Fort Worth diners who follow local chef and Fuzzy's Taco Shop creator Paul Willis from kitchen to kitchen now have a bit of a trek ahead of them: to Granbury, where Willis' Buffalo Gap Steakhouse & Cantina opened in March in a former barbecue restaurant.
Buffalo is owned by Cleburne father-son team and restaurant first-timers Tony and Bob Allen. Willis -- developer of several high-profile Fort Worth restaurants such as Fuzzy's, Yucatan Taco Stand, H3 Ranch and the former Pedro's Trailer Park -- was hired to design the menu and restaurant.
The atmosphere is less Fuzzy's, more H3. This is a large, full-service, fine-dining restaurant where servers garnish baked potatoes tableside and dishes are served on white porcelain plates or in stainless-steel bowls. An extensive wine list has bottles from $20 to $160. Decor has a weekend-cabin feel, with a fireplace, rustic tables and chairs (along with comfortable banquet booths), and dark-stained pine walls decorated with taxidermy and Santa Fe art; it's very cozy and warm.
Despite its snug ambiance, it's family-friendly. There's a kids menu, along with several items on the regular menu under $10, including a cheeseburger ($7), served with garlic-Parmesan potato sticks, and a beef or chicken enchilada plate ($8). On a recent Saturday night, there were as many kids and teenagers as wining-dining adults.
As the name of the restaurant implies, the menu combines elements of steakhouse and Tex-Mex. There are five steak choices, ranging in cuts and prices, and a half-dozen "Latino-Mex" dishes with heavy traces of Yucatan and Fuzzy's, such as a pulled barbacoa sandwich with shredded beef and Chihuahua cheese ($7). Salads, a handful of fish dishes and chicken-fried steak round out the menu.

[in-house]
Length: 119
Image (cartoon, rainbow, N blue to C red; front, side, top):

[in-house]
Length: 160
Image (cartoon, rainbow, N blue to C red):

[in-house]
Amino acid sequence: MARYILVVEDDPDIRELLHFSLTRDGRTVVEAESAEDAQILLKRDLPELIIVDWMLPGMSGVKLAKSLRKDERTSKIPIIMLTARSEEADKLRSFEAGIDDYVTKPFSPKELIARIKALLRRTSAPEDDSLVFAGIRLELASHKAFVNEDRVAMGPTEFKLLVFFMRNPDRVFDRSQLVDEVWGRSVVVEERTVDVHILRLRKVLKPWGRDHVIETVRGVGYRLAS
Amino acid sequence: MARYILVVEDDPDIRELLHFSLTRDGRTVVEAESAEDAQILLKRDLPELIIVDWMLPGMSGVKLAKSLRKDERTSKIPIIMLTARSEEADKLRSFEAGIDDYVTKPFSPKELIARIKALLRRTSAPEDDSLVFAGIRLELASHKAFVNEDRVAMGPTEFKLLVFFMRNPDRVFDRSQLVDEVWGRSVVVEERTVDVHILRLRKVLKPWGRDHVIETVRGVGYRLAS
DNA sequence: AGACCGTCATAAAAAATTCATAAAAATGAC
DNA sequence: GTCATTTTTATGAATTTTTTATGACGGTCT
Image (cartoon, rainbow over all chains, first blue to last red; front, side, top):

Of the five steak options, we chose the 12-ounce reserve angus rib-eye ($20.99). It came precisely cooked to the requested medium-rare -- its exterior charred with grill marks, its interior gleaming with a healthy pink color. On the side came a miniature pitcher of au jus, but it wasn't necessary; it was already well seasoned with a crown of garlic butter. It was accompanied by a large baked potato and a house salad blanketed in a white wine-and-feta cheese vinaigrette dressing.
One of the specialties, a tenderloin and chile relleno combination ($21), garnered mixed results. A 4-ounce tenderloin medallion arrived perfectly cooked medium-rare and was topped with a flavorful cabernet mushroom demiglace. The pan-fried chile relleno, however,
was small and flat, and its flavor was drowned in a pool of Monterey Jack cheese. The promised tortilla strips were missing. Accompanying mashed potatoes were described as "white cheddar," but that ingredient wasn't detected. It also came with three thick flour tortillas, which tasted store-bought.
Much more impressive was the fried chicken salad ($8), big enough for two. Fresh mixed greens were tossed with tomato chunks, real bacon, diced red onion and a delicious bacon-honey-mustard dressing that was made in-house. On top were a dozen pecan-crusted chicken tenders, all crisp and juicy.
Our meal started with a bowl of terrific lobster bisque ($5), rich, thick and containing not only bits of lobster but chunks of crawfish, and ended with an equally rich, sizable slice of buttermilk pie ($5), smothered in whipped cream and praline ice cream -- one of several desserts brought in from local and regional bakeries.